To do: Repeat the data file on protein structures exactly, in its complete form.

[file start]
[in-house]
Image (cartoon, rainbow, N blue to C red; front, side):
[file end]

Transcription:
[in-house]
Image (cartoon, rainbow, N blue to C red; front, side):